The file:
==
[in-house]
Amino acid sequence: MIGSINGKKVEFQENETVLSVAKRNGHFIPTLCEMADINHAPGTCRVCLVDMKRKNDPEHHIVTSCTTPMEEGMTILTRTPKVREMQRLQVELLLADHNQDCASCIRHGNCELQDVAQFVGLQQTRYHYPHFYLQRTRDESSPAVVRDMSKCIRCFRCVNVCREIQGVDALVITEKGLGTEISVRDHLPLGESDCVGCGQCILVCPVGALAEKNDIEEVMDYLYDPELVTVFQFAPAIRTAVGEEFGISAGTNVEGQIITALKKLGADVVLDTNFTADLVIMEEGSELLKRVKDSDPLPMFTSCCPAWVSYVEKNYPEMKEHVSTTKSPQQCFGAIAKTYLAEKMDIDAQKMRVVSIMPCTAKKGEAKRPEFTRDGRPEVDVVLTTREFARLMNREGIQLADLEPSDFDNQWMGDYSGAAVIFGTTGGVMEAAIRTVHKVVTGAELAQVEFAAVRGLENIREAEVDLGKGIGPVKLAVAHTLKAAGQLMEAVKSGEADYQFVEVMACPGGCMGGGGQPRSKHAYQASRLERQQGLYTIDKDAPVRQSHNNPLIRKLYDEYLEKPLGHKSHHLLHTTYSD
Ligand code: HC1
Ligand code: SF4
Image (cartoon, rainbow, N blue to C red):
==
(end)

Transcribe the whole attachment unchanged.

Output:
[in-house]
Amino acid sequence: MIGSINGKKVEFQENETVLSVAKRNGHFIPTLCEMADINHAPGTCRVCLVDMKRKNDPEHHIVTSCTTPMEEGMTILTRTPKVREMQRLQVELLLADHNQDCASCIRHGNCELQDVAQFVGLQQTRYHYPHFYLQRTRDESSPAVVRDMSKCIRCFRCVNVCREIQGVDALVITEKGLGTEISVRDHLPLGESDCVGCGQCILVCPVGALAEKNDIEEVMDYLYDPELVTVFQFAPAIRTAVGEEFGISAGTNVEGQIITALKKLGADVVLDTNFTADLVIMEEGSELLKRVKDSDPLPMFTSCCPAWVSYVEKNYPEMKEHVSTTKSPQQCFGAIAKTYLAEKMDIDAQKMRVVSIMPCTAKKGEAKRPEFTRDGRPEVDVVLTTREFARLMNREGIQLADLEPSDFDNQWMGDYSGAAVIFGTTGGVMEAAIRTVHKVVTGAELAQVEFAAVRGLENIREAEVDLGKGIGPVKLAVAHTLKAAGQLMEAVKSGEADYQFVEVMACPGGCMGGGGQPRSKHAYQASRLERQQGLYTIDKDAPVRQSHNNPLIRKLYDEYLEKPLGHKSHHLLHTTYSD
Ligand code: HC1
Ligand code: SF4
Image (cartoon, rainbow, N blue to C red):